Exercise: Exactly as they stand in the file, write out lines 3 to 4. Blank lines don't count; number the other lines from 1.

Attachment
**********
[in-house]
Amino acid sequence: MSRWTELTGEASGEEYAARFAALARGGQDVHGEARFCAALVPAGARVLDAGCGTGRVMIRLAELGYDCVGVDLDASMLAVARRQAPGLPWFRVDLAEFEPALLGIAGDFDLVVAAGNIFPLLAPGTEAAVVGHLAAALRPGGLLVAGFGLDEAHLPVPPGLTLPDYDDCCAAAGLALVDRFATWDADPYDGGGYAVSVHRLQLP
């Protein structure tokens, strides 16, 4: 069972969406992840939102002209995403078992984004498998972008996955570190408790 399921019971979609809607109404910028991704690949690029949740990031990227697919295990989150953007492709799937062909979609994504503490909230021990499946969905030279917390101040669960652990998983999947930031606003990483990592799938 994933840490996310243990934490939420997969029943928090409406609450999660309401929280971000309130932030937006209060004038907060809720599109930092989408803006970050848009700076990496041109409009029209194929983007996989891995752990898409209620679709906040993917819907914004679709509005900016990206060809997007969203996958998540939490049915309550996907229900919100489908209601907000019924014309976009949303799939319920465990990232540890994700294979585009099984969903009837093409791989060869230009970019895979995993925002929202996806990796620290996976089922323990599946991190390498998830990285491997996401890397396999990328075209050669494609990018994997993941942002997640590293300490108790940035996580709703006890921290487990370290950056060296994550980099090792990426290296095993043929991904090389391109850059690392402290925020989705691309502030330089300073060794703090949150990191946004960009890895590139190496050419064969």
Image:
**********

């Protein structure tokens, strides 16, 4: 069972969406992840939102002209995403078992984004498998972008996955570190408790 399921019971979609809607109404910028991704690949690029949740990031990227697919295990989150953007492709799937062909979609994504503490909230021990499946969905030279917390101040669960652990998983999947930031606003990483990592799938 994933840490996310243990934490939420997969029943928090409406609450999660309401929280971000309130932030937006209060004038907060809720599109930092989408803006970050848009700076990496041109409009029209194929983007996989891995752990898409209620679709906040993917819907914004679709509005900016990206060809997007969203996958998540939490049915309550996907229900919100489908209601907000019924014309976009949303799939319920465990990232540890994700294979585009099984969903009837093409791989060869230009970019895979995993925002929202996806990796620290996976089922323990599946991190390498998830990285491997996401890397396999990328075209050669494609990018994997993941942002997640590293300490108790940035996580709703006890921290487990370290950056060296994550980099090792990426290296095993043929991904090389391109850059690392402290925020989705691309502030330089300073060794703090949150990191946004960009890895590139190496050419064969």
Image: